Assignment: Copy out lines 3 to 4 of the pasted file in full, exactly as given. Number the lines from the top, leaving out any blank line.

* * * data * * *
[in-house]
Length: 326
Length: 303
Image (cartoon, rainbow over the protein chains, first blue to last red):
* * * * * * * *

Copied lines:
Length: 303
Image (cartoon, rainbow over the protein chains, first blue to last red):